The US economy grew faster than initially expected in the third quarter, revised GDP estimates from the Commerce Department showed Wednesday.
The economy expanded by 2.1% between July and September, more than the initial reading of 1.9%, and more than the 2% growth rate in the second quarter. The last time it grew at a pace of less than 2% in the final quarter of 2018.
America kicked off the year with buoyant growth of 3.1% in the first quarter, but then slowed down. Manufacturing, both in the United States and globally, was hit hard by the on-going trade war with China, which weighed exports and made materials more expensive. The trade war also has kept many companies in wait-and-see mode with respect to business investments. On top of that, the positive effects from the 2017 tax cuts, which gave the economy a boost, also tapered off this year.
Even though America’s economy is more reliant on consumer spending than on industrials, analysts have grown concerned that the manufacturing weakness could spill over into other sectors, and eventually weigh on spending. So far, this has not been the case, even though consumer confidence data in the third quarter showed that Americans have become more concerned about the trade war.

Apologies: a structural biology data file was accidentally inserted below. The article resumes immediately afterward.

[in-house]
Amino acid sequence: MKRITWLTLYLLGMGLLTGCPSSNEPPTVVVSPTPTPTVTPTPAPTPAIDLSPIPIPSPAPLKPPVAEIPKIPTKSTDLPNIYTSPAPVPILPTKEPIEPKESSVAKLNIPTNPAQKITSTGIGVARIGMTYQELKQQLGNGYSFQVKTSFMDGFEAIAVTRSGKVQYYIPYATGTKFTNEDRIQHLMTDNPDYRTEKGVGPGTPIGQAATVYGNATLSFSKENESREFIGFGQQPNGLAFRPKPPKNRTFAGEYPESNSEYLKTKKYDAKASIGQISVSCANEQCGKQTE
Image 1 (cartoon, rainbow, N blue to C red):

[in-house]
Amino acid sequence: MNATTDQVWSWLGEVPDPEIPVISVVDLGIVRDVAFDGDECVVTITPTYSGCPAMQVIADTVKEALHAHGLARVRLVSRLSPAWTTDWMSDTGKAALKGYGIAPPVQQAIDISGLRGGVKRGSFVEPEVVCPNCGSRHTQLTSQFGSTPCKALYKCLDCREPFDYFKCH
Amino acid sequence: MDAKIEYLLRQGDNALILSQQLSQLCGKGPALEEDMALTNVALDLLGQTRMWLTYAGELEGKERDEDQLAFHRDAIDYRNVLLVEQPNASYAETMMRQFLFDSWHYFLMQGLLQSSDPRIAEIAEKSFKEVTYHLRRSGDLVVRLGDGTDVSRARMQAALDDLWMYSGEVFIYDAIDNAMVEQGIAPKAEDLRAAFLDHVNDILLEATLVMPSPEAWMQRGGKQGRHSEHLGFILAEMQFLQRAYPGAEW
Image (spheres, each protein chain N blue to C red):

The Federal Reserve cut interest rates for the first time since the financial crisis this year, lowering rates three times so far, to ensure the expansion will keep going.
That said, holiday shopping is expected to be strong this year, before the next round of tariffs on Chinese imports are slated to hit on December 15.
“We can be thankful that the economy is still in a good place with economic growth a little better,” said Chris Rupkey, chief financial economist at MUFG. Other economic data, including jobless claims for the week ended November 23 and durable goods order for October, also looked better-than-expected on Wednesday.
Together this tells “the story that recession is nowhere to be seen and should not be on anyone’s radar in 2020,” Rupkey added.
Capital Economics lifted its GDP growth forecast for the fourth quarter to 1.5%, from 1% before.
“Overall, we’re still expecting economic growth to slow further in the near-term, but that slowdown appears to be more modest than we had initially expected,” said Capital Economics’ senior US economist Michael Pearce in a note to clients.
Correction: This article previously attributed the GDP data to the wrong government agency